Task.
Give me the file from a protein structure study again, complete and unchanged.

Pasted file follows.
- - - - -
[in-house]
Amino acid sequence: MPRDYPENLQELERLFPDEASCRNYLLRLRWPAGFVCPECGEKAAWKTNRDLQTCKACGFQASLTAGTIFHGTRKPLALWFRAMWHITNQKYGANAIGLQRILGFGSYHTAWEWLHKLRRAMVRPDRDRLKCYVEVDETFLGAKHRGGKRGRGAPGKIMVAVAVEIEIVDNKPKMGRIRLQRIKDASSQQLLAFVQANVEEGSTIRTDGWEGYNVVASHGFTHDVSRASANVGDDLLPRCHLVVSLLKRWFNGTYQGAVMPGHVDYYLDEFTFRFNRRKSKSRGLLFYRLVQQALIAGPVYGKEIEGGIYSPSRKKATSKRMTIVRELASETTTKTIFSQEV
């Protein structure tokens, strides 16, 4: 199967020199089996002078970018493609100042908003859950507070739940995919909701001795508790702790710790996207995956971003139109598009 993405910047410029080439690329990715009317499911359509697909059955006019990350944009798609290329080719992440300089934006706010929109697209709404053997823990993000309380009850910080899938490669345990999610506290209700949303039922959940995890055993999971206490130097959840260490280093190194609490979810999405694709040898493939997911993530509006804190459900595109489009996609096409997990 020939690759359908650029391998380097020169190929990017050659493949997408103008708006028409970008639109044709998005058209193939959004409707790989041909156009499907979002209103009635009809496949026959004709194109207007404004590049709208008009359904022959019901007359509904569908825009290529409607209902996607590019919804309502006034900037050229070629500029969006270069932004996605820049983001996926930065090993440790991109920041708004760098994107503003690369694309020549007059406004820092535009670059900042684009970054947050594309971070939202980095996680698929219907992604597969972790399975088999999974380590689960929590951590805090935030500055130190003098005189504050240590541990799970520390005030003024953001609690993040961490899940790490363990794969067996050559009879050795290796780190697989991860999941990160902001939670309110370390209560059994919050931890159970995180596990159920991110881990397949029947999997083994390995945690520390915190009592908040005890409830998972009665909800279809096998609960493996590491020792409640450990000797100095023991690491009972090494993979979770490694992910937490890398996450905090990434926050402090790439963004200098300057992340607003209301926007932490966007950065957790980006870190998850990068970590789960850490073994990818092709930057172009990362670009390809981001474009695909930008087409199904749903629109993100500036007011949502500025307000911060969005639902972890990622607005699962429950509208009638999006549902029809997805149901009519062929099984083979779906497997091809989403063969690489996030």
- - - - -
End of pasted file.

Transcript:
[in-house]
Amino acid sequence: MPRDYPENLQELERLFPDEASCRNYLLRLRWPAGFVCPECGEKAAWKTNRDLQTCKACGFQASLTAGTIFHGTRKPLALWFRAMWHITNQKYGANAIGLQRILGFGSYHTAWEWLHKLRRAMVRPDRDRLKCYVEVDETFLGAKHRGGKRGRGAPGKIMVAVAVEIEIVDNKPKMGRIRLQRIKDASSQQLLAFVQANVEEGSTIRTDGWEGYNVVASHGFTHDVSRASANVGDDLLPRCHLVVSLLKRWFNGTYQGAVMPGHVDYYLDEFTFRFNRRKSKSRGLLFYRLVQQALIAGPVYGKEIEGGIYSPSRKKATSKRMTIVRELASETTTKTIFSQEV
């Protein structure tokens, strides 16, 4: 199967020199089996002078970018493609100042908003859950507070739940995919909701001795508790702790710790996207995956971003139109598009 993405910047410029080439690329990715009317499911359509697909059955006019990350944009798609290329080719992440300089934006706010929109697209709404053997823990993000309380009850910080899938490669345990999610506290209700949303039922959940995890055993999971206490130097959840260490280093190194609490979810999405694709040898493939997911993530509006804190459900595109489009996609096409997990 020939690759359908650029391998380097020169190929990017050659493949997408103008708006028409970008639109044709998005058209193939959004409707790989041909156009499907979002209103009635009809496949026959004709194109207007404004590049709208008009359904022959019901007359509904569908825009290529409607209902996607590019919804309502006034900037050229070629500029969006270069932004996605820049983001996926930065090993440790991109920041708004760098994107503003690369694309020549007059406004820092535009670059900042684009970054947050594309971070939202980095996680698929219907992604597969972790399975088999999974380590689960929590951590805090935030500055130190003098005189504050240590541990799970520390005030003024953001609690993040961490899940790490363990794969067996050559009879050795290796780190697989991860999941990160902001939670309110370390209560059994919050931890159970995180596990159920991110881990397949029947999997083994390995945690520390915190009592908040005890409830998972009665909800279809096998609960493996590491020792409640450990000797100095023991690491009972090494993979979770490694992910937490890398996450905090990434926050402090790439963004200098300057992340607003209301926007932490966007950065957790980006870190998850990068970590789960850490073994990818092709930057172009990362670009390809981001474009695909930008087409199904749903629109993100500036007011949502500025307000911060969005639902972890990622607005699962429950509208009638999006549902029809997805149901009519062929099984083979779906497997091809989403063969690489996030």